"The 10 largest consumer countries accounted for as much as 80 per cent of analgesic morphine consumption. The average per capita consumption of morphine in 1998 in the 10 countries with the highest morphine consumption levels was 31 grams per 1,000 inhabitants. In the 10 countries with the next highest consumption levels, the corresponding figure was 16 grams per 1,000 inhabitants. In the next 60 countries, with a total morphine consumption of more than 1 kg, it was only 2 grams per 1,000 inhabitants. In the remaining 120 countries, there was little or no opioid consumption. Several African countries reported no morphine consumption.
The Board is also aware that the control system is behind much of this cathastrophy:
The impediments to opioid availability that are frequently reported by government authorities are:
The most frequently mentioned causes of inadequate opioid availability are restrictive regulations, cumbersome administrative procedures, concerns about diversion and the consequences of inadvertent errors, concerns about iatrogenic addiction, and inadequate or insufficient training of health personnel. The removal of these impediments should be first of all the responsibility of the concerned Governments and that of the medical profession.
I read this in a mixed feeling of despair and anger. We, the rich countries, are exempt from pain. We can die without severe pain. Our doctors can give us sufficient morphine. Our health-systems have money enough to buy us relief from physical suffering. Our governments are organised enough to apply to the Board for permission to import the necessary quantities, and if a sudden extraordinary need should appear, they would even know how to get an extra amount, immediately, and in complete co-operation with the Control Board.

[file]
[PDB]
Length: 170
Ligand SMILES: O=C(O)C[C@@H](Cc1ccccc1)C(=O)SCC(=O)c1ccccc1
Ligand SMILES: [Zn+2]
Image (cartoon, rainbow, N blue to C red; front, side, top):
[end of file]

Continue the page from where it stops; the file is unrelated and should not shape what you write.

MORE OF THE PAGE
And then, in contrast, if we happen to live in Africa: Great pain, no drugs. Opium might have been exported as raw material to the industrialised countries. But lack of money makes it impossible to buy it back in the form of legal medicine. Many of these countries are dependent on international relief organisations for medicine. Here, we might think, here comes the pain relief. But that is not the case. When the international organisations send off their medicine-kits, they have to remove the pain-relievers according to the rules of the international control system. Such substances might lead to abuse in these countries so far away.
People die in pain, surrounded by poppy-flowers. One might of course hope that local people act according to local traditions and produce their drugs without any concern for any Control Boards in Vienna. But I do not feel confident that this is the case. And I see no encouragement from the Board for such actions
The fact that deadly sick people are left to die in severe pain in the midst of those plants that supply the industrialised countries with pain-relievers, is the most shocking case of control-damage I have ever come across. It is a shame for us all that this continues.
IV. A board of policemen
Observing the lack of innovative thinking in these annual reports, one reflection is inevitable: Who are they, these members of the International Narcotics Control Board? Who are the people behind this policy? The answer is found in Annex II, pp. 69-73 where the extensive curriculum vitae for all the members of the Board are presented:
The Board has 13 members, selected through a very unclear procedure. One of the members is a former ambassador, - he is the US-representative. Then there is a graduate in Political Sciences with a long experience in various aspects of drug control. Four members have medical background. And then to the majority: Seven members have a background in various forms of police or prosecutorial activities. This is the group given the mandate to help the world community to cope with the incompatible goals of securing an ample supply of drugs to help those in pain, while at the same time preventing abuse by all others. They have not succeeded in providing drugs to those in pain. They have not been able to reduce the illegal trade and use. Their actions are carried out without concern for the enormous costs created by expansion of the penal systems. Year after year they use their considerable influence to create a system of control, which represent a danger to our civil societies. It is unfair to the Board, as it is to us all, to give such an enormously complicated task to a group with such a narrow type of qualifications.
Oslo 2000, 03-02